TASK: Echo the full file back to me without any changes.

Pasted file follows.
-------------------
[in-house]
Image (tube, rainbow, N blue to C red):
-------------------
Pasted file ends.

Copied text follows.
[in-house]
Image (tube, rainbow, N blue to C red):